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Joseph A Fernandez

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September 21, 1989 | From Associated Press
Miami school Supt. Joseph A. Fernandez on Wednesday was named to head New York's public school system, the nation's largest and one beset by educational and criminal problems. Fernandez, a 53-year-old native New Yorker, will start as school chancellor in January or February and be paid $195,000 a year, Board of Education chief Robert Wagner Jr. said. "He will stand as a splendid role model," Wagner said.
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NEWS
May 4, 1993 | JOHN J. GOLDMAN, TIMES NEW YORK BUREAU CHIEF
New Yorkers vote today in a hotly contested local school board election--a race pitting some candidates supported by religious broadcaster Pat Robertson's Christian Coalition against liberal groups. In large measure, the election will be a referendum on policies of AIDS education, condom availability and the Rainbow Curriculum initiated by Schools Chancellor Joseph A. Fernandez, who was dismissed in February by the Board of Education after a bitter 4-3 vote.
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NEWS
February 11, 1993 | From Associated Press
The Board of Education voted Wednesday to oust Chancellor Joseph A. Fernandez, who insisted that condoms be available in high schools and tried to teach grade-school students to be tolerant of homosexuals. "Good luck, God bless you. Maybe we didn't deserve you," Carl H. McCall, president of the Board of Education, told Fernandez after the board voted 4 to 3 not to renew his contract with the nation's largest school district.
NEWS
February 11, 1993 | From Associated Press
The Board of Education voted Wednesday to oust Chancellor Joseph A. Fernandez, who insisted that condoms be available in high schools and tried to teach grade-school students to be tolerant of homosexuals. "Good luck, God bless you. Maybe we didn't deserve you," Carl H. McCall, president of the Board of Education, told Fernandez after the board voted 4 to 3 not to renew his contract with the nation's largest school district.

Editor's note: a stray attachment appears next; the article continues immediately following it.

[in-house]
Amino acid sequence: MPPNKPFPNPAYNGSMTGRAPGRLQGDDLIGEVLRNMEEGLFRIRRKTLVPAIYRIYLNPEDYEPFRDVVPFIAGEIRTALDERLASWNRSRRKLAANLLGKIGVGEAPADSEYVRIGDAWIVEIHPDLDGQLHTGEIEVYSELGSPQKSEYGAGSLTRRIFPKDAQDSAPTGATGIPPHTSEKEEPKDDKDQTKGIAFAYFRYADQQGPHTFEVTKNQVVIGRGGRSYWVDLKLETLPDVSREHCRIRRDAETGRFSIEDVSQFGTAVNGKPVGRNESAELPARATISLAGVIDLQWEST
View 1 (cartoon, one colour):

NEWS
February 10, 1993 | JOHN J. GOLDMAN, TIMES STAFF WRITER
The day he took office on Jan. 1, 1990, Schools Chancellor Joseph A. Fernandez tried to look out his office windows. The glass was so filthy, he was able to write his name in the dust. Underfoot, the carpet was littered with pieces of wire used to hook up a computer. Fernandez, head of the nation's largest school system, was told by his secretary that "the custodian says he only vacuums every third day."
NEWS
June 18, 1991 | DAVID TREADWELL, TIMES STAFF WRITER
Since taking charge as public schools chancellor here 18 months ago, Joseph A. Fernandez has dazzled New Yorkers with an astounding string of accomplishments. But as New York grapples with its most severe financial crisis since nearly going bankrupt in the mid-1970s, Fernandez's momentum is in danger of being severely arrested, if not reversed.
NEWS
May 4, 1993 | JOHN J. GOLDMAN, TIMES NEW YORK BUREAU CHIEF
New Yorkers vote today in a hotly contested local school board election--a race pitting some candidates supported by religious broadcaster Pat Robertson's Christian Coalition against liberal groups. In large measure, the election will be a referendum on policies of AIDS education, condom availability and the Rainbow Curriculum initiated by Schools Chancellor Joseph A. Fernandez, who was dismissed in February by the Board of Education after a bitter 4-3 vote.
NEWS
March 5, 1990 | KAREN TUMULTY, TIMES STAFF WRITER
Back in the early 1950s, the New York City school system failed with Joe Fernandez. Or maybe it was the other way around. There were probably teachers who tried to reach him, but none made much of an impression. Of all of them, he can remember only one by name: Mrs. Brown from third grade, who took him on his first trip to a museum. As a teen-ager in East Harlem, he hung out with a gang that called itself the Riffs.